Inspired in part by the Naturalist works of Émile Zola, Guy de Maupassant, and Stephen Crane, Japanese fiction after 1900 began to incorporate scientific ideas like evolution into the treatment of human fallibility. Wrestling with questions of culpability and motive, writers produced some of the most complex, enigmatic psychological thrillers ever written anywhere. In this course we will read four short stories and four novels by some of the greatest masters of this form, and also discuss the films based on them. As we ponder the “Japanese-ness” of these examples of a quintessentially modern genre, we will try to relate these works to some...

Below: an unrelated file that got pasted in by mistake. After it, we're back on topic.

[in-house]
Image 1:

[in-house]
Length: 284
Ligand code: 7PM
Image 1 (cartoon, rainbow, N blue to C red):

Sunday, September 16, 2018
Stephen Roddy, PhD, Dept. of Modern & Classical Languages, USF